A recent decision from the Federal Court of Appeals in New Orleans establishes several important precedents in computer copyright law. Vault Corp., the creator of the PROLOK copy protection scheme, filed suit against Quaid Software, creator of a program that could be used to unlock the PROLOK protection device. Vault asserted several bases for liability. First, Vault claimed that its copyright was violated when Quaid copied the Vault program into computer memory for the purpose of developing a means to defeat Vault’s copy protection system. Although the copyright statute expressly permits the owner of a copy of a computer program to copy it from magnetic or other media into memory, Vault argued that this provision of the law should be interpreted to permit copying of a program only to make use of it for its intended purpose. The court rejected this argument, holding that the law contains no language suggesting that the copy in memory must be employed for a use intended by the copyright owner, and declining to read limiting language of this sort into the statute.
Second, Vault argued that Quaid was guilty of “contributory copyright infringement” for distributing a program whose sole use was to encourage others to make illegal copies of Vault-protected programs. under legal standards established by the Supreme Court, liability for contributory infringement may be imposed only where the seller has knowledge of the fact that its product is used to make unauthorized copies. However, even if the seller does have such knowledge, it will escape liability if the product is capable of substantial noninfringing uses.
Quaid argued that in addition to being used to make copies that might be illegally distributed, its program could be used to make archival copies of copy-protected programs, a form of copying that the copyright laws expressly permit, and therefore the product was capable of a substantial noninfringing use. Quaid introduced evidence at trial that some users of its program used it only to make archival copies. Based on this evidence, the court agreed that Quaid had a viable defense to the claim of contributory infringement.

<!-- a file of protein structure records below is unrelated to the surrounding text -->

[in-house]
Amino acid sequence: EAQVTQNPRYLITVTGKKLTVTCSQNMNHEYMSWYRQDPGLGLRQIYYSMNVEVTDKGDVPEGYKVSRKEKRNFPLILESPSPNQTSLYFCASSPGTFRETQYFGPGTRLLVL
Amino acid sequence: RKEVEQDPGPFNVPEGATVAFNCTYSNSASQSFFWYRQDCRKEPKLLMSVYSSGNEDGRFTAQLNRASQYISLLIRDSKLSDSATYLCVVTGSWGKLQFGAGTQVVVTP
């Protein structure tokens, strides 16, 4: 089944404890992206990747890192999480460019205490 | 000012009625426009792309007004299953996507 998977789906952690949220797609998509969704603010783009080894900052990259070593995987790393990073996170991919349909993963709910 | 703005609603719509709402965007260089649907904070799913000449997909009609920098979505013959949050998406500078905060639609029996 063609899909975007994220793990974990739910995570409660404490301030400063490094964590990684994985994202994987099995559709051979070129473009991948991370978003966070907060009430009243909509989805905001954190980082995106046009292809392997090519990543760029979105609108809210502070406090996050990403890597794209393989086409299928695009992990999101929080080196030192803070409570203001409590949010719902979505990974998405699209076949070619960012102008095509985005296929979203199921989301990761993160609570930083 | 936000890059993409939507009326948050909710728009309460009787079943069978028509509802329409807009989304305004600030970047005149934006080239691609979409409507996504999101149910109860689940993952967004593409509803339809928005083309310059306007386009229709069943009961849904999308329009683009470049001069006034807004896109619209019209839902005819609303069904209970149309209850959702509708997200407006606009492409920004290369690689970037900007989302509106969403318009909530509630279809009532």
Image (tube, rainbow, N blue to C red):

Lastly, Vault claimed that by decompiling or disassembling Vault’s program, Quaid had violated the Louisiana Software License Enforcement Act. Louisiana is one of several states that have enacted laws permitting software companies to impose certain contractual terms upon purchasers through the use of shrink-wrap license agreements. One of the license restrictions permitted by the Louisiana law is a prohibition against reverse engineering a program by decompilation or disassembly, and Vault had included this restriction in its shrink-wrap license.
However, the court found that the Louisiana law was preempted by federal copyright law, and therefore was unenforceable. Under the doctrine of federal preemption, where a state law touches upon an area controlled by federal law, the state law is superseded by the federal law. The court found that decompilation and disassembly of a program was permissible under federal copyright law and therefore Vault’s efforts to prohibit this activity under Louisiana law was illegal.
TLB Comment: Vault v. Quiad removes most doubts regarding the legality of reverse engineering software when it is sold in binary form under shrink-wrap licenses. The decision also creates uncertainty regarding the validity of the state software license statutes that have been enacted, and most likely will discourage the passage of similar laws in states which may be considering them.